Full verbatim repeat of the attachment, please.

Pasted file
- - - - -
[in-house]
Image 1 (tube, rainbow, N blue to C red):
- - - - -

[in-house]
Image 1 (tube, rainbow, N blue to C red):